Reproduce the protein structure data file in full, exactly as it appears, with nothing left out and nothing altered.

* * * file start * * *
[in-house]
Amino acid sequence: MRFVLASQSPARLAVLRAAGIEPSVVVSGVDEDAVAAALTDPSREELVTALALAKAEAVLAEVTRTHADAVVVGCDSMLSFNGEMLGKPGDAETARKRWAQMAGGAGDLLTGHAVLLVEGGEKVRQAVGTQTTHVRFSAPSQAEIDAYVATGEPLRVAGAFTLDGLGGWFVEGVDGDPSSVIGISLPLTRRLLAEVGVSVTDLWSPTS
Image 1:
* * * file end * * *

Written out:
[in-house]
Amino acid sequence: MRFVLASQSPARLAVLRAAGIEPSVVVSGVDEDAVAAALTDPSREELVTALALAKAEAVLAEVTRTHADAVVVGCDSMLSFNGEMLGKPGDAETARKRWAQMAGGAGDLLTGHAVLLVEGGEKVRQAVGTQTTHVRFSAPSQAEIDAYVATGEPLRVAGAFTLDGLGGWFVEGVDGDPSSVIGISLPLTRRLLAEVGVSVTDLWSPTS
Image 1: